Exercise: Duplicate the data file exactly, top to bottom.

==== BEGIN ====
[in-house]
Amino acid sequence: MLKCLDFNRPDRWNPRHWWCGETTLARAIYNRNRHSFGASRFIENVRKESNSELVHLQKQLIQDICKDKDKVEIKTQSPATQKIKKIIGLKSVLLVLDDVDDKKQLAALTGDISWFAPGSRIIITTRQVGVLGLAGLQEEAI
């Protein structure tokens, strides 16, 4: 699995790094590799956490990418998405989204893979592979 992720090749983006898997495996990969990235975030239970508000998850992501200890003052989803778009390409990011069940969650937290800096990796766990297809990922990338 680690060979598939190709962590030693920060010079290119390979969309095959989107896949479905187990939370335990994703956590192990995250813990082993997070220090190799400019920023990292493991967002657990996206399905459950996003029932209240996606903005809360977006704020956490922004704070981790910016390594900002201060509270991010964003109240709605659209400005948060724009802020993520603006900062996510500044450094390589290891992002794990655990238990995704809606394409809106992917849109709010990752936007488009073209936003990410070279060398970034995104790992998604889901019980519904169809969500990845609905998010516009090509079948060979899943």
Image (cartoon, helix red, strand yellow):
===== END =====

[in-house]
Amino acid sequence: MLKCLDFNRPDRWNPRHWWCGETTLARAIYNRNRHSFGASRFIENVRKESNSELVHLQKQLIQDICKDKDKVEIKTQSPATQKIKKIIGLKSVLLVLDDVDDKKQLAALTGDISWFAPGSRIIITTRQVGVLGLAGLQEEAI
């Protein structure tokens, strides 16, 4: 699995790094590799956490990418998405989204893979592979 992720090749983006898997495996990969990235975030239970508000998850992501200890003052989803778009390409990011069940969650937290800096990796766990297809990922990338 680690060979598939190709962590030693920060010079290119390979969309095959989107896949479905187990939370335990994703956590192990995250813990082993997070220090190799400019920023990292493991967002657990996206399905459950996003029932209240996606903005809360977006704020956490922004704070981790910016390594900002201060509270991010964003109240709605659209400005948060724009802020993520603006900062996510500044450094390589290891992002794990655990238990995704809606394409809106992917849109709010990752936007488009073209936003990410070279060398970034995104790992998604889901019980519904169809969500990845609905998010516009090509079948060979899943």
Image (cartoon, helix red, strand yellow):